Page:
The foundation stone of a new solar power club of 122 nations has been laid in Gurgaon, India, by the Indian Prime Minister, Narendra Modi, and the French President, François Hollande − cementing an agreement the two leaders made at the Paris climate talks last December. The idea of the International Solar Alliance (ISA), which promises a massive increase in investment in solar power in the tropics, started with the coming together of countries between the Tropic of Cancer and Tropic of Capricorn that have 300-plus days of sunshine a year. For all of them, solar power is potentially the cheapest form of generating electricity. And the plan is to provide electricity to millions of people who do not have access to power at present, while at the same time preventing the building of dozens of power plants that burn fossil fuels.

Climate News Network 27th Jan 2016 read more »

University of Brighton has installed more than 600 solar panels on its roofs in “record time” in a rush to beat government subsidy cuts. The installation has seen 663 new solar panels fixed to the roofs of three buildings of its Falmer Campus in East Sussex, which will deliver enough clean energy to meet 7.5 per cent of the campus’ annual electricity demand.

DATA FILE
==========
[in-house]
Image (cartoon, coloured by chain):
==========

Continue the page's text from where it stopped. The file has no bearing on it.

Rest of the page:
Business Green 27th Jan 2016 read more »

Renewables – small hydro

The UK Government has ‘missed the point’ on hydro energy in its recent review of feed-in tariffs, according to one of the industry’s leading figures. And Mark Mathieson, Chief Executive of Perth-based Green Highland Renewables, has warned that Britain’s hydro energy industry will ‘all but disappear’ by 2020. Last year, Green Highland employed 20 people directly, and worked with more than 250 contractors and subcontractors from over 20 local firms in the construction of over a dozen schemes in the Highlands. In total the industry employs 1,700 people – but Mathieson estimates 80% of these jobs will be gone by within four years.

Scottish Energy News 28th Jan 2016 read more »

Share

Published: 28 January 2016